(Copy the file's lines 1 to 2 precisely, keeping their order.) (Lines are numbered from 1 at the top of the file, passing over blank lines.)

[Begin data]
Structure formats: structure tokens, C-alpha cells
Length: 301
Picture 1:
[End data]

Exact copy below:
Structure formats: structure tokens, C-alpha cells
Length: 301